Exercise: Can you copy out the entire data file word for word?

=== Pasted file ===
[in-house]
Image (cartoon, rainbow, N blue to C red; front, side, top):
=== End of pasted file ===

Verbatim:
[in-house]
Image (cartoon, rainbow, N blue to C red; front, side, top):